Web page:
A distinctive programme using a three-pronged attack to overcome the serious issues facing Northland's youth - including alcohol abuse, teen pregnancy, sexual abuse and suicide - has been launched in Whangarei.
The Promoting Whanau and Youth Resilience programme was launched at Tikipunga High School yesterday thanks to $200,000 funding from the Ministry of Health, with the aim of empowering the region's youth and giving them and their communities the resilience to deal with the complex issues and risk factors youth face today.
Tania Papalii, the Northland District Health Board (NDHB) promoting whanau and youth resilience in Te Tai Tokerau co-ordinator, said the programme had three approaches to the issues affecting Northland's youth.
There were 39 suspected cases of suicide in Northland last year, with three involving youngsters aged 10-15; 12 aged 15-19 and five aged 20-24.
Nineteen of the suspected cases were Maori and 27 involved males.
Ms Papalii said the programme would provide support workers for young people to talk to and information about where they could go for help.
One part of the programme is a two-hour presentation which will tour around schools in the region that includes the powerful play Matanui, which deals with many of the issues the region's youth face.
It's based at the fictional Matanui (named after the mountain near Ngunguru, known as a place to go for foresight) and looks at a young man who returns to his tribal homeland to find it shrouded in pain and silence and full of problems among its youth.
He later learns that his father had killed himself but the play ends with all characters seeing hope in the future.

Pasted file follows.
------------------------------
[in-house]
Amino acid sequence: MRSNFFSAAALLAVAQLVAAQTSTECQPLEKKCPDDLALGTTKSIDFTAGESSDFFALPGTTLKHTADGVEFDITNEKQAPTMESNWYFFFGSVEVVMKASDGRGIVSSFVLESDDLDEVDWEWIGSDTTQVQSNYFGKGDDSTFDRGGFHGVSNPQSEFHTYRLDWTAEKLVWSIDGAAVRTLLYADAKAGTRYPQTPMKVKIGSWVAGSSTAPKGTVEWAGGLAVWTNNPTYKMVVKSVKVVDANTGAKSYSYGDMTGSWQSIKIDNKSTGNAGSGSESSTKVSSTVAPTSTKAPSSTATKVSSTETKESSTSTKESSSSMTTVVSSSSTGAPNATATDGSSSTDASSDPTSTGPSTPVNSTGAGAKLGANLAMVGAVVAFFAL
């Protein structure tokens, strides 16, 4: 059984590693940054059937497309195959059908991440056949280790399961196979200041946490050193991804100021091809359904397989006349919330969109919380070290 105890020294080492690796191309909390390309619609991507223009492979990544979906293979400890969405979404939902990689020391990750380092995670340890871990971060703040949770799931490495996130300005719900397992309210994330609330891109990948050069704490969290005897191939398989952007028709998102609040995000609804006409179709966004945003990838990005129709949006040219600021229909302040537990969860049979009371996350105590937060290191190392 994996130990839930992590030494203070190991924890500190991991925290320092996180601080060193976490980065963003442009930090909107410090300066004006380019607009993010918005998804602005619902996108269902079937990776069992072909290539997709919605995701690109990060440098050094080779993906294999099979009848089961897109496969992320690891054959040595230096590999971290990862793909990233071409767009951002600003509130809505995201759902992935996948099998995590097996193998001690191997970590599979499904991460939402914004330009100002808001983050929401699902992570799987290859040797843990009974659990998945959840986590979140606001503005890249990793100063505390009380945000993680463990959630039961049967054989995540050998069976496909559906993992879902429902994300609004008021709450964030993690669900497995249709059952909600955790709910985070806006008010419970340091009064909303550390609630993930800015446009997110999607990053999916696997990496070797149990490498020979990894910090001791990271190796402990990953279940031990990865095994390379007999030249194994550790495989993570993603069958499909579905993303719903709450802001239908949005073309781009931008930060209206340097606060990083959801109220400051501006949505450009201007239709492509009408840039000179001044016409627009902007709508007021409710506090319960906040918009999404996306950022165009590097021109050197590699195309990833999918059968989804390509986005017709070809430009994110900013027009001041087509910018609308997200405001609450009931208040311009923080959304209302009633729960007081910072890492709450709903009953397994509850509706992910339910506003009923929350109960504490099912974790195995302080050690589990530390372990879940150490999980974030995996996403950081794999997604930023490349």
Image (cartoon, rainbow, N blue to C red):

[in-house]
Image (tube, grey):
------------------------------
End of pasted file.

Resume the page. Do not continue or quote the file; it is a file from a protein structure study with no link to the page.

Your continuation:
Wiremu is played by 20-year-old Vinnie Bennett.
Another plank is a "Travellers" programme, a school-based programme designed to help young people transition to high school and deal with change and difficult life challenges.
The third part is professional development training to build whanau and community capacity to identify and respond appropriately to risk factors in their own whanau/hapu and community.
The NDHB is funding three training programmes in Whangarei, Dargaville, Kaikohe and Kaitaia.
Ms Papalii said the programme would be effective as it had relevance and resonance with the region's youth. Matanui, particularly, with its straight-talking and powerful messages, would strike a chord with youth, she said, and encourage them to seek help, if they needed to.
"We are looking to talk about the positive side of things and the positive things we are contributing to help our youth. We want to talk about raising our youth's resilience, we want to talk about the issues affecting them in a safe way and come up with solutions with them," she said.
Hannah Young, of Northland youth suicide awareness group, The RAID movement, said the programme would get those messages across to youth as well as inform them about where to seek help.
Ms Young was particularly impressed with the play: "It's very, very good. I think it will really move young people. It speaks to them in a language they can understand and they will be able to see parts of themselves and people they know in it. It's very convincing."
Ms Young said it was important that the community talked about issues such as suicide, and the factors that led to it, in order for the problem to be overcome.